Always nice to get a positive review for one of my books and even better when it comes from another 'ex-pat' Burtonian! Carol post...
Friday, 27 January 2012
The Black Tie Blues
Do you ever go through one of those phases when you seem to be dragging the black tie out of the wardrobe with monotonous regularity? It seems to have been a bit of a theme lately for me. At one time I used to issue a plea, to whoever's in charge, not to have to use the tie again, until it dawned on me the only way this would happen would be if they were drawing the curtain around me and playing the sombre music. I'm not quite ready for that yet.
Not that I suspect anyone is really 'ready for it'. In fact, if anyone ever dares say, as I'm watching the dying of the light, "well, he's had a good innings", I hereby promise to leap up and beat them to a pulp with my remaining strength. After all, what is a 'good innings'? 70? 80? 100? All I know is, whatever I end up with, it won't be enough.
There have been three notable departures in December. Of these, the one that particularly surprised and saddened me was on New Year's Eve, when a good friend of mine left the building at the tender age of 58. It was this that really made me stop and think.
Andy had a long and respected career with a local newspaper, rising to Acting Editor. He was a well-known writer on local sport and music and was an enthusiast for both. Others can talk about these areas of his life with considerably more authority than me, and have, elsewhere.
I came to know Andy when we were part of the group that set up the Burton Poetry Society, which evolved into a thing called Valve, back in the early 1970s. Quite how I came to meet up with Andy, and his best friend, Nick, I really can't remember. Confusingly, they called each other Jim and Tom respectively, which foxed me for a while. They were hippies, at a time when being a hippy was still very unusual in Burton. I admired them hugely for daring to be different, but also for their enthusiasm and for their ability to see the silliness in everyday life.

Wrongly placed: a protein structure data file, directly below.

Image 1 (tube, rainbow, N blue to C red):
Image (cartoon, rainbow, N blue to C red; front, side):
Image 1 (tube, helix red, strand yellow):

Valve grew from a letter they penned to the local paper (the same one that Andy would eventually work for), in which they despaired of Burton as a cultural wasteland, and bemoaned the lack of anything for young people to do. Unusually, they actually proposed to do something about it, and the result was a packed meeting in a back room of The Wyggeston Hotel. It was a testament to Andy's ability to make things happen, that he managed to get the management of The Wyggy (and later, The Compasses in Wellington Street) to give up a room for the use of aspiring poets, musicians, hippies, failed hippies and students. I belonged to the last two categories. Neither pub was exactly known for being at the cutting edge of culture, nor could they realistically have hoped to enjoy a huge increase in sales from a bunch that could easily make half a pint last all night…between them. I would have just given up without trying, but Andy made it a reality. If he believed in a thing, he failed to see why it shouldn't happen, and I admired that.
Valve grew and developed over time, and the audience waxed and waned, but Andy was always there at the centre of it, brimming with enthusiasm and good humour. We drifted apart, as the forces of earning a living and making your way in life acted upon us, but I always watched his career with interest, particularly as he had achieved his dream of writing for a living. When my first book was published, Andy was, as always, hugely enthusiastic and his review in the paper was typically generous and encouraging. When I met him, for what turned out to be the last time, late last year, he was clearly ill, but had lost none of his enthusiasm and interest. I rather think we need more Andys in this world, not less.
In fond memory of Andy Parker, a good friend, enthusiast, talented writer and all round nice chap.